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Eusattus reticulatus? - Eusattus convexus

Eusattus reticulatus? - Eusattus convexus
Las Cruces, Doña Ana County, New Mexico, USA
December 28, 2005
Size: 12 mm
Found four of these on warm, sunny afternoon. Two were caught in spider webs along rock wall. One of those was dead. The two remaining beetles were scurrying about in bright sunlight. These are the largest beetles I've found so far on my visit to New Mexico. I don't recognize the family. They have some impressive straight tibial spurs that might help identify them. They produced no aroma that might help ID them.

Images of this individual: tag all
Eusattus reticulatus? - Eusattus convexus Eusattus reticulatus? - Eusattus convexus Eusattus reticulatus? - Eusattus convexus Eusattus reticulatus? - Eusattus convexus Eusattus reticulatus? - Eusattus convexus Eusattus reticulatus? - Eusattus convexus

Drumming beetle
Don Chandler told me in private correspondence that he thought he recalled his advisor at Ohio State, Chuck Triplehorn, "was interested in Eusattus muricatus because they will 'drum' by tapping the tips of their abdomens to the ground, for what reason I can't recall. If you put them in a tin plate you can hear it quite clearly."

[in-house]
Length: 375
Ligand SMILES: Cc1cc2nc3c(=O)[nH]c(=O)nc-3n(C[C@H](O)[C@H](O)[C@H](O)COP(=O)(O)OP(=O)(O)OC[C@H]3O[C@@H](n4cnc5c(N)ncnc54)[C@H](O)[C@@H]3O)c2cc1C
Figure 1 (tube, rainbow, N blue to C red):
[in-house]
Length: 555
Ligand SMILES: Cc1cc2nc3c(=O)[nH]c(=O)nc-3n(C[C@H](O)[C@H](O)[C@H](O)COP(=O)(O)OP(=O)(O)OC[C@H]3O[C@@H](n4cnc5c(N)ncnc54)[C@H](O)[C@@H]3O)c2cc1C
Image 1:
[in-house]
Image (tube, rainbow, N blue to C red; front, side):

I planned to test these beetles until it was determined they were a different species. However, in a photo session today, my subject clearly drummed on three occasions, lasting a little less than a second and consisting of an estimated 10 to 20 beats each time. The beetle seemed to do this out of annoyance or frustration at failing to crawl under a stainless steel ruler in my light arena.

The tip of the abdomen appeared to be the percussion instrument, and the drumming was rather amplified by the hollow beneath the piece of colored foam-core I used for a background.

My conjecture here is that, at least two Eusattus species are drummers and that possibly the entire genus exhibits this behavior. An interesting finding would be whether there are quantitative differences between the species' drumming (beats per second, total beats per drumming, etc.) Also, would they drum if attacked by ants, and with what effect? Do both sexes drum? How do nearby members of the same species react when one beetle drums?

Eusattus convexus
Don Chandler, in private correspondence, says collection specimens of this species from the nearby White Sands National Monument look most like these images, although E. muricatus bears close resemblance.

Yep, its STILL a tenebrionid:-) That is one diverse family.

Eusattus muricatus??
I am pretty sure this is a Eusattus, and E. muricatus is a likely pick. However, it has been so long since I have identified tenebs that the genus could have changed by now.

Not confirmed.
Solitary image of E. muricatus online does not match, so my guess is it's another species in same genus. Five species are listed by New Mexico Game & Fish Dept.: Eusattus convexus, difficilis, muricatus, puberulus, and reticulatus. Reticulatus is the only one on their site listing Doña Ana County in its range, but the others are not necessarily excluded.

If anyone has access to Systematics of Eusattus and Conisattus (Coleoptera, Tenebrionidae, Coniontini, Eusatti) by John T. Doyen, I'll bet this one's ID could be found easily. The copy nearest me is in the Dartmouth College Library -- a bit of a hike for me.

Thanks Eric
I'll stick them on the family page after a bit.

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